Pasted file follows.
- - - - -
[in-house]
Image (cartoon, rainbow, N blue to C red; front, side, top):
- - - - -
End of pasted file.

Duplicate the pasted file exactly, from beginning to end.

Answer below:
[in-house]
Image (cartoon, rainbow, N blue to C red; front, side, top):